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m S ' JL· emew&\Lmfff Gob's Grief by Chris Adrian Broadway Books, 2000, 356 pp., $24.95 As Chris Adrian makes clear in his "Note" foUowing the novel, Gob's Grief is "not a historical novel, but it leans pretty heavily on history." Indeed, the novel is peopled with such prominent nineteenth-century figures as Walt Whitman, Victoria Woodhull, the Beechers and the Tlltons. The Civil War unfolds in lively battlefield and camp scenes—at Chickamauga, Fredericksburg, Gettysburg, Spotsylvania —and vivid hospital settings and routines, with the full measure of patient suffering, care and compassion , dying. The movements of the post-Civil War period sweep across the pages—the Women's Suffrage movement, the Free Love movement, Spiritualism—and theincreasing importance of technology is evident in the building of the Brooklyn Bridge. But historical framing is only a starting point. This is a highly imaginative book, belonging to a great literary tradition of American works such as The Red Badge of Courage and A Farewell to Arms and notable works of more recent vintage such as The Things They Carried, The Pugilist at Rest and Saigon,Illinois. Likeall thesebooks, it is steeped in history, but place and circumstance only help shape; the fictional imagination is what counts. In Gob's Grief, with its strong dose of magic realism, certain fundamental metaphysical questions are the chief concern. Six hundred thousand dead. How does one respond to such carnage? For Spiritualists, the dead dwell "happily in the Summerland," and death itself is not real. Yet the experience of key characters in this novel suggests otherwise. Ghosts vigorously pursue them, urging them to seek out Gob Woodhull, whose machine will bring them back, freeing them from a greater desire to be flesh than the living can possibly understand. For Gob, whose brother, Tomo, died at Chickamauga, this machine is his life's work. It will bring Tomo back. Grief is not enough; grief helps the living cope, but what about the dead? For Walt Whitman, the answer is that "a great work ought to be coming, oughtn't it?" With these two concepts, grief and a "great work," we have in embryo the idea that drives the main plot of this novel. What is needed is something that will "articulate the formless grief that [has] saturated the world of the living." In an age of industrialization and rapidlyexpanding applied science, what other answer than technology? What other solution to a deeply held, widely shared affective response than to give it the rational order of science? Gob's machine 196 · The Missouri Review wül bring back all who died in the Civil War, and all who died before it, and eliminate death for the future. The veil between death and life wiU bepierced. And Gob has certainlyprepared for this undertaking by his long tutelage under the Urfeist, a fantastical , ogre-like creature who with an iron hand instructed his young pupil in the fundamentals of machines as weU as the necromancer's arts. From its earliest form, that of a sheep, his machine soon evolves to look like a person, then "a fashionable angel." (Note the progression here, up the scale of the Great Chain of Being.) In its final form, it is "an édifice," a gargantuan "engine" that takes up aU five floors of the mansion Gob inherited from the Urfeist. To do its job, the engine must incorporate "the crucial element ofdesire," musthave a "battery"—namely, WaltWhitman himself . One cannot help but see the Faustian questworking here, in the human presumption, the interference with the natural order, the overreaching. In its final performance, first with Whitman in the "gatehouse," screaming in unfathomable pain, then Gob taking his place, the engine ultimately explodes. Gob dies; Tomo mysteriously appears, exiting the fiery building. Some years later, Tomo is a man with a faulty memory but one who can, at one point, realize that it was not Gob who died at Chickamauga—it was he. He wants to believe in the theory of "undying." He seems, to the reader, to be a death-in-life figure. Gob's Griefis certainly a provocative first novel. Its power comes not only from its theme, which is...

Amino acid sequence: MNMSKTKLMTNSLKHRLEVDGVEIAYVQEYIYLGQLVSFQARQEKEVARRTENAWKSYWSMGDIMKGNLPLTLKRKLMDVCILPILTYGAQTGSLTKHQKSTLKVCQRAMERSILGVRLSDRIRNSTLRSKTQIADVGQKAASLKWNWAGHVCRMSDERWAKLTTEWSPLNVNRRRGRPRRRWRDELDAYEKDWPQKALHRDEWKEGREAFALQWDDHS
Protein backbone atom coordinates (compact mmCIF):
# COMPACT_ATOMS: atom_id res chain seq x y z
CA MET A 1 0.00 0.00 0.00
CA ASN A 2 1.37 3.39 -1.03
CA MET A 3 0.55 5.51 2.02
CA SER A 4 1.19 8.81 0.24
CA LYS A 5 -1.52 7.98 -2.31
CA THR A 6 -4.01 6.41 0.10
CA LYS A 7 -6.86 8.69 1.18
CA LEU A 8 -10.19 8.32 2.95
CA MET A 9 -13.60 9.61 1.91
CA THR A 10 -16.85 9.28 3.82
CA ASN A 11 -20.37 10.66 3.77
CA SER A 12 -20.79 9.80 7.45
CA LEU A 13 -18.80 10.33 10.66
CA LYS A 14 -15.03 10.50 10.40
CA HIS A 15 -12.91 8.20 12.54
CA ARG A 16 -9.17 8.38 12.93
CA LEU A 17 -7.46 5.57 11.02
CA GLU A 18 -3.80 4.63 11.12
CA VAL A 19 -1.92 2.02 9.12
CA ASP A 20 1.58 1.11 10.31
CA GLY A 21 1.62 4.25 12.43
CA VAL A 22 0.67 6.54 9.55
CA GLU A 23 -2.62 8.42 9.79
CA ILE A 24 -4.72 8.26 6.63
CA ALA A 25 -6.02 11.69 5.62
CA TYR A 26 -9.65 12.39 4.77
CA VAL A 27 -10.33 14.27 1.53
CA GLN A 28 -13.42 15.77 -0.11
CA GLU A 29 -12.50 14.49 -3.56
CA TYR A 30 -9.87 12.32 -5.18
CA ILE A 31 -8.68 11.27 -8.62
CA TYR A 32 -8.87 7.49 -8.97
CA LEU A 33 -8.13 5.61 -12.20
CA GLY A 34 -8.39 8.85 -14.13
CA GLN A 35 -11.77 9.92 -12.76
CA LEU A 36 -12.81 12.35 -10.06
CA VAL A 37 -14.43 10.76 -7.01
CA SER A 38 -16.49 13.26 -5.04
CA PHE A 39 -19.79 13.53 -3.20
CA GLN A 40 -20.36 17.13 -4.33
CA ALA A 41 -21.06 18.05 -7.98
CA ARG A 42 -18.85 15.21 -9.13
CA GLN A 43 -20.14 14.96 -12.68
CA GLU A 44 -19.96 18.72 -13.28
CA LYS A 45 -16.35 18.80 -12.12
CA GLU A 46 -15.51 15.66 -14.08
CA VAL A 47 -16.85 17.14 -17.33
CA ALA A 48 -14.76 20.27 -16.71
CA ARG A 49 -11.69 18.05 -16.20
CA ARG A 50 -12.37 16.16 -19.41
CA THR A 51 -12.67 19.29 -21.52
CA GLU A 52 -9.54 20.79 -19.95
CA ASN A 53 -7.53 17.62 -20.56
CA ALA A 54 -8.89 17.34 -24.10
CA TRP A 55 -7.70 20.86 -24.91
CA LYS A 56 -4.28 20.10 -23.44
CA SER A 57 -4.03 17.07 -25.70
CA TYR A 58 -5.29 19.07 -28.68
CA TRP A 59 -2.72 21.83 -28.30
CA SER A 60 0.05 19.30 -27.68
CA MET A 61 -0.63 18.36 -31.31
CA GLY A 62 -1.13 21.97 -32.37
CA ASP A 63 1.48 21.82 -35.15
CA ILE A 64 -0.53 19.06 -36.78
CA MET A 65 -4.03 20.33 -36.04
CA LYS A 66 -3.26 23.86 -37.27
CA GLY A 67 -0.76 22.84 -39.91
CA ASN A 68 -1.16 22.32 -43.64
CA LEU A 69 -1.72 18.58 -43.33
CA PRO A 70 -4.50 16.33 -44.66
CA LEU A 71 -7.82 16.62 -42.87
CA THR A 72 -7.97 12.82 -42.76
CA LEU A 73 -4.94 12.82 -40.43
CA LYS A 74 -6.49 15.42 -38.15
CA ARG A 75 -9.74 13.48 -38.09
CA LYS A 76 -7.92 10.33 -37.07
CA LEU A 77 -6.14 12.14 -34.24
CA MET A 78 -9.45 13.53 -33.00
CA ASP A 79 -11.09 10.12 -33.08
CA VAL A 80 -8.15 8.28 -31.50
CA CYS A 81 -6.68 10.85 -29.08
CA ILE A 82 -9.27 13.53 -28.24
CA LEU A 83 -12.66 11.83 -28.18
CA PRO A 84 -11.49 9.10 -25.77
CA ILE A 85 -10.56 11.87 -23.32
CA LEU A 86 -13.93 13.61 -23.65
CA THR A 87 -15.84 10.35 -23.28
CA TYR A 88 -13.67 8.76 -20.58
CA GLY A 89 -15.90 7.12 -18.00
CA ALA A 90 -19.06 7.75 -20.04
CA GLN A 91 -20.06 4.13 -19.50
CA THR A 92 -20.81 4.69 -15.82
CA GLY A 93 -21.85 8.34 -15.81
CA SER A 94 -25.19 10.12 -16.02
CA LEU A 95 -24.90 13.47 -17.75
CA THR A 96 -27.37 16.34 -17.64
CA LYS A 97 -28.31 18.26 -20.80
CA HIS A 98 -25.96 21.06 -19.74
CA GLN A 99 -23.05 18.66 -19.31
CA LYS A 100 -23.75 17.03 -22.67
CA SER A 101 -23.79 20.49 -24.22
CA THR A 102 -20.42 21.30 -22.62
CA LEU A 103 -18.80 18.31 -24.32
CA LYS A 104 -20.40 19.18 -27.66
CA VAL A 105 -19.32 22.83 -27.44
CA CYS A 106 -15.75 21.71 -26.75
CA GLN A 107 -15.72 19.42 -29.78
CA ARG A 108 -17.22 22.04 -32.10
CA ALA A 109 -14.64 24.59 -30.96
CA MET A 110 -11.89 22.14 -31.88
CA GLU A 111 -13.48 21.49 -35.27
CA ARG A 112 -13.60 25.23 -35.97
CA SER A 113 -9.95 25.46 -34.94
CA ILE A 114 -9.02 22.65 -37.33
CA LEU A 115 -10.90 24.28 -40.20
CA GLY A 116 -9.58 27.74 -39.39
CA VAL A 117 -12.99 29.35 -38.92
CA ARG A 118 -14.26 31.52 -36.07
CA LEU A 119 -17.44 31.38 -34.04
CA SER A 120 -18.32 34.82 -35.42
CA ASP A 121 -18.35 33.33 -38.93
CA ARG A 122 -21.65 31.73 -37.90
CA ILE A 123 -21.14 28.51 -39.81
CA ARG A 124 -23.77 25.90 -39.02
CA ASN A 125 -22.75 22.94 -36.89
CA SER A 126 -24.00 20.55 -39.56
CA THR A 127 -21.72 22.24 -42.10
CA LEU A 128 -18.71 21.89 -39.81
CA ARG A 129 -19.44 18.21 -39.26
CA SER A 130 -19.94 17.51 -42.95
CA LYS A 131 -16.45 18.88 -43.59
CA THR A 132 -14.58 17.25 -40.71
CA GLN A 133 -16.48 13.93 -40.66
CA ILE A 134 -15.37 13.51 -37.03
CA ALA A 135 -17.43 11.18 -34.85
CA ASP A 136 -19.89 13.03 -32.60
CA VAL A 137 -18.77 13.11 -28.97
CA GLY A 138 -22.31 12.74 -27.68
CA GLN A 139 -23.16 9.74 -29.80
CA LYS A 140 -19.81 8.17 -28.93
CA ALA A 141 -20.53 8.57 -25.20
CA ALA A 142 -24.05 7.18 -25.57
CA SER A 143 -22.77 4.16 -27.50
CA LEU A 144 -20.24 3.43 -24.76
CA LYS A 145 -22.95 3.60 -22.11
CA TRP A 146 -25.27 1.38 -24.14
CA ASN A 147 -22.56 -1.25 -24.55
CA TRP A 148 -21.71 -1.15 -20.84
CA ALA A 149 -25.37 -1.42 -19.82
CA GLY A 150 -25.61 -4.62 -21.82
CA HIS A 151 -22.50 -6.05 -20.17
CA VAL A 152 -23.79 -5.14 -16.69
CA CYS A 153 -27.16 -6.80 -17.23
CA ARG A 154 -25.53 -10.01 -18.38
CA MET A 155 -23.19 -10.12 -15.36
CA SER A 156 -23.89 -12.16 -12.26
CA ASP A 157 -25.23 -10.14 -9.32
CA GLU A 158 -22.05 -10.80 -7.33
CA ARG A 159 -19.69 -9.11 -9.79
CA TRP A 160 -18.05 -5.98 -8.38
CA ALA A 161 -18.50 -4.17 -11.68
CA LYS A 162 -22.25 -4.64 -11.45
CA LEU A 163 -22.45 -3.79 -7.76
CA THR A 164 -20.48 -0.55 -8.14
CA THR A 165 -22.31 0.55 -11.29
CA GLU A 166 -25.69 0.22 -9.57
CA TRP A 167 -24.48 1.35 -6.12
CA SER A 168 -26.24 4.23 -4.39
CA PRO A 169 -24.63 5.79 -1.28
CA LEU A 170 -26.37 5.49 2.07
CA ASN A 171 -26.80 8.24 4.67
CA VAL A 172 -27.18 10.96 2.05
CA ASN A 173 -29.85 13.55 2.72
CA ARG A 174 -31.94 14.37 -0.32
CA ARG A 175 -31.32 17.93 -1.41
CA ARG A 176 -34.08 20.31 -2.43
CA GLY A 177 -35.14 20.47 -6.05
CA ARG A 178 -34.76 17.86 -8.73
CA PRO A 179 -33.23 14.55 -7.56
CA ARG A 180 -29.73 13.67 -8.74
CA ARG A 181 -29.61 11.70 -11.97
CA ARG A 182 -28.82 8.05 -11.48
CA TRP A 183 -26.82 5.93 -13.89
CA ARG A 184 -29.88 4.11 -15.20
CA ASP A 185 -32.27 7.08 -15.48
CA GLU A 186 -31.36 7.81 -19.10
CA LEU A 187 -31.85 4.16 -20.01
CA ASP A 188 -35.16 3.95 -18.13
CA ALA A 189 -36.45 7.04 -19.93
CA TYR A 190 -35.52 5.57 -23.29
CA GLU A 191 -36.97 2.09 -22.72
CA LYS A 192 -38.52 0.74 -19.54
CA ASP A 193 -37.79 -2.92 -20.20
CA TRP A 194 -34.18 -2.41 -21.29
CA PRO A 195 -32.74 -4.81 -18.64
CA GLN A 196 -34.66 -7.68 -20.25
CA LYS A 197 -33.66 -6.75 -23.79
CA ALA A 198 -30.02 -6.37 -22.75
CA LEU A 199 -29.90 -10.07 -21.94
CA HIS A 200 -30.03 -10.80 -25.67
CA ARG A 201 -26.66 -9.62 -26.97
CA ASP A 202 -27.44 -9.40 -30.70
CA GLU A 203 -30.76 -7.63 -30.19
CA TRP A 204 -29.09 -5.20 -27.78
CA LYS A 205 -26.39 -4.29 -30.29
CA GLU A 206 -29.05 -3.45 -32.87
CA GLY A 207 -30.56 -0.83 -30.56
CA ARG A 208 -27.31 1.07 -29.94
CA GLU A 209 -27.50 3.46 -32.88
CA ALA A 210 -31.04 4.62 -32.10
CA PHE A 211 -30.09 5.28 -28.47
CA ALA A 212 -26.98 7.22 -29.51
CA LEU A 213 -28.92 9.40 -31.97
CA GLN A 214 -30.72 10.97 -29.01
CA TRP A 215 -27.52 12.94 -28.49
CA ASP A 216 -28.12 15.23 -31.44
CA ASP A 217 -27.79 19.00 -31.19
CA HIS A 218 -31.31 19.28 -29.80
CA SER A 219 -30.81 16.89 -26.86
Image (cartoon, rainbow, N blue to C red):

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pp. 196-197
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